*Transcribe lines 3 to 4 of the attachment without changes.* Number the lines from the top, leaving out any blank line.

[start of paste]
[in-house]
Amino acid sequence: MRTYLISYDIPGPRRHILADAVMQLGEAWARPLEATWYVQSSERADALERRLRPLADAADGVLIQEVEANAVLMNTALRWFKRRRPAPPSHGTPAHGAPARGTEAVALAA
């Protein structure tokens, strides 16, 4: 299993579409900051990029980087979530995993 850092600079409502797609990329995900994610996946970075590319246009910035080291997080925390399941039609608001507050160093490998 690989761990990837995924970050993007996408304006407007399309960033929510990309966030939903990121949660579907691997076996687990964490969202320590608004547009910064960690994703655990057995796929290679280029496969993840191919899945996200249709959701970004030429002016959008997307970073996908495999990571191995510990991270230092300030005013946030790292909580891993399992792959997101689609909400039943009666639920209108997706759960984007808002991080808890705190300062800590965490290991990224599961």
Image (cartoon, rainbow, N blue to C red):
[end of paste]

């Protein structure tokens, strides 16, 4: 299993579409900051990029980087979530995993 850092600079409502797609990329995900994610996946970075590319246009910035080291997080925390399941039609608001507050160093490998 690989761990990837995924970050993007996408304006407007399309960033929510990309966030939903990121949660579907691997076996687990964490969202320590608004547009910064960690994703655990057995796929290679280029496969993840191919899945996200249709959701970004030429002016959008997307970073996908495999990571191995510990991270230092300030005013946030790292909580891993399992792959997101689609909400039943009666639920209108997706759960984007808002991080808890705190300062800590965490290991990224599961």
Image (cartoon, rainbow, N blue to C red):